Bill would create support network for servicemembers in overseas custody battles
Stars and Stripes August 4, 2009
The U.S. military would be required to establish an official support network for servicemembers whose children have been abducted overseas under an amendment added to the 2010 defense authorization bill last month.
Introduced by Rep. Chris Smith, R-N.J., the measure requires the Defense Department to establish a database to track cases and a system of uniform legal advice for troops regarding divorces from foreign nationals.
“They feel all alone. They’re not at home, and their network is the military. There needs to be a robust effort to help them,” Smith said. “From the top right on down the whole chain of command, they need to be advising these servicemembers. Sometimes they’re getting bad advice.”
The full bill must still go through a conference committee and be reapproved by the House and Senate before the amendment will become law.
Navy Cmdr. Paul Toland, who has been fighting for more than six years for custody rights to his daughter in Japan, said he initially received poor legal advice from a military attorney.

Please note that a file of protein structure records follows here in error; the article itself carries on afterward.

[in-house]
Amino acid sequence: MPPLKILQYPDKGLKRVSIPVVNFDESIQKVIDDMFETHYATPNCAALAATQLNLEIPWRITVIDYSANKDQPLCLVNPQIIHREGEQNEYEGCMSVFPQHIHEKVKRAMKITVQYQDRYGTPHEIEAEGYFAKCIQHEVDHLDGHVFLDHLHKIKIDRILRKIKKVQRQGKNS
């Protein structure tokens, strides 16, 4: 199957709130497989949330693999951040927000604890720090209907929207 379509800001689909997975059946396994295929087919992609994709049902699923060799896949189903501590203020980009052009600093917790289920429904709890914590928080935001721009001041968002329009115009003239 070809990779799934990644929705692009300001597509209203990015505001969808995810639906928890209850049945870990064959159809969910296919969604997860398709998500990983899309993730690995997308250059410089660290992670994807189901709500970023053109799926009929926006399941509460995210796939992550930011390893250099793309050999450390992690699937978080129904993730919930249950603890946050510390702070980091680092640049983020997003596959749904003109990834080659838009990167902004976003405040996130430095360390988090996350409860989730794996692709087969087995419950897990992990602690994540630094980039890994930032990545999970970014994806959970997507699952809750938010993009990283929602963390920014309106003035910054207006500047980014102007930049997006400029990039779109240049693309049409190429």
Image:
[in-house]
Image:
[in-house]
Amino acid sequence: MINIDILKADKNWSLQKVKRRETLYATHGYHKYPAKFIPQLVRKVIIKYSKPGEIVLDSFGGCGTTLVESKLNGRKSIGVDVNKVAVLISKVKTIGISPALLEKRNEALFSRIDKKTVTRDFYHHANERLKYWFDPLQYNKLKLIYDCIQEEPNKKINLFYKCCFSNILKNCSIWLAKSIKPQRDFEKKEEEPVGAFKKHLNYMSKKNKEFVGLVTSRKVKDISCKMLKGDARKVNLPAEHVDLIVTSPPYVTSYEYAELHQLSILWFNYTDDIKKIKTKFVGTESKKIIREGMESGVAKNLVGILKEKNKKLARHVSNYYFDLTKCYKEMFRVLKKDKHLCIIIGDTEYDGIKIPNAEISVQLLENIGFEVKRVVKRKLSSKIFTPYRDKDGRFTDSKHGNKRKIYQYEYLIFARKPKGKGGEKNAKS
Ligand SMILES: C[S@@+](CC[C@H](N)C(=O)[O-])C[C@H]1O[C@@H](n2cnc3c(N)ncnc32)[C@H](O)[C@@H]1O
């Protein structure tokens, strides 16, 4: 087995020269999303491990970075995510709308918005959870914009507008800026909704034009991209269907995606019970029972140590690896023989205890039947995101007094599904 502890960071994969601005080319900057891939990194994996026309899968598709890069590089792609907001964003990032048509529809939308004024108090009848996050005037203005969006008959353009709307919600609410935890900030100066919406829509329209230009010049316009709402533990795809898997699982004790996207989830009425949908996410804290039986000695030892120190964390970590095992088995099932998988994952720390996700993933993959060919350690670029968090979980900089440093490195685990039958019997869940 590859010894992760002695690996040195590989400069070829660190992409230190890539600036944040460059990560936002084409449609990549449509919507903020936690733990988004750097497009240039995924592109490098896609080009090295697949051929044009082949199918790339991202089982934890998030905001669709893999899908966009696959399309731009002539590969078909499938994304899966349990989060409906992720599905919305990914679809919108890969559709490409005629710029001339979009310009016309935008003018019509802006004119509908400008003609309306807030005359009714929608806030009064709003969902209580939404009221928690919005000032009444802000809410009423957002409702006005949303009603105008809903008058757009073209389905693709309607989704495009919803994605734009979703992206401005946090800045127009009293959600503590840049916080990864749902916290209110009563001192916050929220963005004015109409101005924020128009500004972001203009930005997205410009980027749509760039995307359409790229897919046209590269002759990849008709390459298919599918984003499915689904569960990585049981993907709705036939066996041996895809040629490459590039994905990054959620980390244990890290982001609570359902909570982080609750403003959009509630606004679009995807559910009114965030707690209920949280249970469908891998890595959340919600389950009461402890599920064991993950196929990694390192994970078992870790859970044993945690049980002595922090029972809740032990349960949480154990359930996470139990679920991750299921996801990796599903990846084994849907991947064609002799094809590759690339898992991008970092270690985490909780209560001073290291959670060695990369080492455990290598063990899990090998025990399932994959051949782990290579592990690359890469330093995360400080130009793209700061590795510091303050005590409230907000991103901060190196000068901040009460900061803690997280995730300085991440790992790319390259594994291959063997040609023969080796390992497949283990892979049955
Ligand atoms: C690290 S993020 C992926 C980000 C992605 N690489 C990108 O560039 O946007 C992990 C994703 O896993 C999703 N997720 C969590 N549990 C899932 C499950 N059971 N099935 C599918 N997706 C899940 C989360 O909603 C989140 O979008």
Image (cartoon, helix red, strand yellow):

Shortly after his Japanese-American wife moved out with their daughter, a military attorney at Yokosuka Naval Base, where he was stationed, advised him to pursue the case in Japanese court. The move resulted in a U.S. court later refusing to hear his custody case, citing Japanese jurisdiction.
“That advice doomed me in the end,” Toland said. “That lack of knowledge really hurt me.”
Though Japan does not recognize foreign custody orders, not having one has further complicated his efforts to see his daughter.
The State Department, which tracks and assists in cases of parental child abduction overseas, is working to improve its relationship with the military to provide better advice and assistance for troops.
Although the State Department does not track which cases involve servicemembers, many of the 50 open cases in Japan involve active-duty troops or former servicemembers who met their spouses while stationed in the country, said Michelle Bond, deputy assistant secretary for overseas citizens services at the State Department in Washington.